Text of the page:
Everybody says to forget blogging over the US Thanksgiving Holidays, but I have a feeling this is a great time to catch people at their computer! Maybe not, but then some people I know like to catch up on researching how to write better, more effective ezines.
I am a BIG fan of Michael J. Katz of Blue Penguin Development; he always writes with so much personality. I feel like I know his little boy and his Aunt Esther. He brings his family into his ezines, yet there’s always a point to it- and it’s always good stuff about writing better ezines. So while he’s teaching, he is also sharing himself and creating a feeling of humor and familiarity with his readers.
If you’ve got time- (Come on, who doesn’t over the weekend?)- then click over to his piece called Break On Through To The Other Side, published Nov. 19. It’s got a few chuckles about his Aunt Esther.
But if you’re in a hurry, just read this excerpt. It’s about how important it is to get to the point, so here is the excerpt:
From Michael J. Katz:
I’m here to tell you that when it comes to effective communication with an audience, my Aunt Esther had it right — essence matters more than facts.
Many newsletters suffer from the same "good information; poor delivery" syndrome. The facts are there, but the reader is not able to — or not interested in — finding them. With that in mind, I offer some suggestions for being heard and appreciated:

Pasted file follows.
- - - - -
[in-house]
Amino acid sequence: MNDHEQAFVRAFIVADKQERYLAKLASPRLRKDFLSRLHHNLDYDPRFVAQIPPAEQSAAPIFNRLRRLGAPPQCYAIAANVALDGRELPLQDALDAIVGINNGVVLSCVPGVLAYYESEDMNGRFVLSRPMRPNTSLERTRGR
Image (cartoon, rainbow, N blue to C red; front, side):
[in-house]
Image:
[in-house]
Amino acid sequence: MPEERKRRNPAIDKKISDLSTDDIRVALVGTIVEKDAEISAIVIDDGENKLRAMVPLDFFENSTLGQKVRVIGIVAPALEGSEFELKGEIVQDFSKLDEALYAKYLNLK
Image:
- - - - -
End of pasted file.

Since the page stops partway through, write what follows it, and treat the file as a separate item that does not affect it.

- Pick one idea. I always find it kind of funny that the biggest worry people have about producing a newsletter is "running out of content," and yet the biggest problem I see is "too much content in each issue." You don’t need to explain your entire field of expertise in each issue any more than you need to review everything you know each time you eat lunch with a client. Break it up into little pieces. You’ll have more content to choose from next time and your readers will find it easier to hear your message.
- Boil it down. An E-Newsletter is really just a glorified email, and mixed in with all the jokes, appointment confirmations and pieces of information that fly into our respective in-boxes every day, this is not a medium that lends itself well to lots of detail. Be prepared to edit, simplify and throw out information on your way to getting to the heart of the matter.
- Speak like a human being. I don’t know who started the rumor that business communication must be formal to be valuable, but it seems to have caught on nonetheless — that’s an opportunity for you and me. Your readers will find it a breath of fresh air to "hear" the people behind the newsletter. Nobody is interested in reading one more "critical communication" from a company that claims to be, "the leading provider of cross platform broadband solutions" (or whatever). If you can’t read your newsletter out loud to your spouse without bursting out laughing, you’ve got too much marketing-speak in there.
Bottom Line: You’ve got 800 words of opportunity each month to get your message across. Sure you’ve got to have something useful to give your audience, but remember that these people are busy, tired and often just plain bored. Make your publication the one they wait for and you’ll never again live in fear of the delete key.
All the best,
Michael J. Katz
Founder and Chief Penguin
Blue Penguin Development helps professional service firms and sole proprietors get clients, by showing them how to communicate effectively with the people they already know. We specialize in the development of electronic newsletters.28 West Elm Street, Hopkinton MA 01748